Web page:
To get a miserable breakfast, in a negro's cellar, at eight A. M., for which four shillings are demanded; to saunter about,in dry weather, through dust and horses, and carts and stages, and their drivers ; in wet weather, through mud and water, and swine and men-until noon; when, in the midst of the crowd, I must stretch my neck, and strain my eyes, in order to read the anxiously expected “Report of the Board of Health," affixed, like the laws of Caligula, to a lofty pillar, and written in a cramped and almost illegible hand; to waste three hours more in listless inaction, waiting for the dinner bell of Sykes or Niblo; then to squeeze one's self between two fat, hungry citizens, regardless of every one's wants but their own; and when, owing to the vacuity made by some half dozen busy and fasteating traders, one hopes, at last, to have a chance at some half-devoured, half-cooked, and entirely mangled dish, to find the table surrounded by the countless swarm of the clerks who sueceed their masters.; to rise from the table, despairing of dinner, and pay for what has not been eaten ; to waste the interval betwixt dinner, and supper time in walking ten miles to find a friend who, in searching for you, continually contrives to elude your pursuit ; and then; to sum up all, to throw yourself, with internal thanks for your good fortune, on a straw pallet, :in a wretched garret, sufficiently heated to roast turkies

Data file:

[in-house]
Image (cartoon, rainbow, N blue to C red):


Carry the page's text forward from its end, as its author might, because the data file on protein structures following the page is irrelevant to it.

eggs, - where you toss and tumble until morning, when you arise to a repetition of the self-same pleasant recreation : These are a few of the comforts which were enjoyed by myself, during the months of July and August, 1822; and by the other tenants of Greenwich village, for a much longer time.

Towards the conclusion of August, I began to think it high